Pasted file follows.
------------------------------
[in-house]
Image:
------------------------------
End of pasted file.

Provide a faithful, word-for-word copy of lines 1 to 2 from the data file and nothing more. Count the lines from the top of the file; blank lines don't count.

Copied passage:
[in-house]
Image: